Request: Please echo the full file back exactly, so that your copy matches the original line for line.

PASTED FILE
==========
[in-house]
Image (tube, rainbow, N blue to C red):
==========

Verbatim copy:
[in-house]
Image (tube, rainbow, N blue to C red):